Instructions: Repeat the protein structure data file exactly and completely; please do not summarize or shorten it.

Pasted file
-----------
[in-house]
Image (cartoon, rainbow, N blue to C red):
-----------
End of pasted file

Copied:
[in-house]
Image (cartoon, rainbow, N blue to C red):